No one’s winning
Flipping through the interwebs tonight, I came across all of the breaking news stories about the passage of the bill to remove collective bargaining rights from state workers in Wisconsin. And now, looking over at my Twitter feed, it’s lit up like I haven’t seen with arguments and anger and joy over what has happened.
I’ve got to admit to a great deal of disappointment here on many fronts, and disappointment is the right word, trust me. But I’ll get to that in a minute. You need to know this first: I’m not a huge fan of unions. What started out as groups meant to better working conditions, pay and benefits for (mostly) blue-collar laborers has largely turned more and more into organizations wielding huge political power and seeking to influence the political process more than they watch out for their membership. That being said, though, that initial work that unions did helped everyone who has ever had a job: minimum wage, health benefits, pensions and retirement plans have primarily been the result of the work that unions have done in securing those benefits for their employees. And I don’t think anyone who doesn’t have to pay full price for their doctor’s office visit appreciates that.
So back to Wisconsin: the state, like so many others, including Minnesota, is facing an incredibly difficult financial problem, and it’s a problem that doesn’t have any easy answer. And thanks to the backlash against the Democratic plans and relative inaction in fixing the economy over the last two years, the Republicans now have control in most states to try their hand at the issue.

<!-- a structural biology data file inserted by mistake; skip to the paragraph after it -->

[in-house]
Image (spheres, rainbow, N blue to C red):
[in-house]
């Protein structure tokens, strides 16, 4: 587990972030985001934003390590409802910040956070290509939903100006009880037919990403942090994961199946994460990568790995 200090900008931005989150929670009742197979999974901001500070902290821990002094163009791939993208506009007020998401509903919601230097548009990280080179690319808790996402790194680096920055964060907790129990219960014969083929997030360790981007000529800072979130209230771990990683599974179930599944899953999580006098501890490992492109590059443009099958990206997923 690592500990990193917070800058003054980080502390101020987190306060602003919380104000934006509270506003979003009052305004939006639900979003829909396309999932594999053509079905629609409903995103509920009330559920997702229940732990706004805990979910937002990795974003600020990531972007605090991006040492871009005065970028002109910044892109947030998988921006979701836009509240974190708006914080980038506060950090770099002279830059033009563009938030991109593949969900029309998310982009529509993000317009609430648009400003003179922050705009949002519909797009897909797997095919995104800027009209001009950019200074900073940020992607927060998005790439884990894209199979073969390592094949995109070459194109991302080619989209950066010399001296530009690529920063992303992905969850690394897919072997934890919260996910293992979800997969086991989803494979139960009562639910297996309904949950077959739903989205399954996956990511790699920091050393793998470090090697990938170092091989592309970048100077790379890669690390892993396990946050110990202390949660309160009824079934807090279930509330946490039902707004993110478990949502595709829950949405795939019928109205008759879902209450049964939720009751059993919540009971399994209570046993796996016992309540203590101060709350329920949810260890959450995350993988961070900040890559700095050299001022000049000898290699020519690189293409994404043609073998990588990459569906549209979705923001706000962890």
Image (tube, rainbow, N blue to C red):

Meanwhile, the political air in the country has been poisoned by all sides: the conservatives hate everything and everyone liberal and refuse to even listen to that side because of their deep belief that all liberal ideas are crap; the liberals do the same thing in reverse; and moderates are hated by both sides because they’re the only ones who seem to be simultaneously thinking independently and making sense. The end result is that the discourse that is supposedly the hallmark of our democracy has been destroyed in the name of sound bytes, talking points, and showing the world how evil and stupid the opposition is.
We’ve all heard the arguments for so long now that it’s getting nauseating. In Wisconsin, the governor approached the budget by first cutting some basic costs to government–not a bad response, really. But his first target is to attack the unionized public employees of the state. Sure, their pensions, benefits and even pay may be a contributing factor to the budget crisis, but the persistent argument of business leaders in the private sector (many of whom are conservatives, it should be noted) is that you need to make your pay and benefits competitive to attract and keep quality employees. So why shouldn’t government adopt the same approach?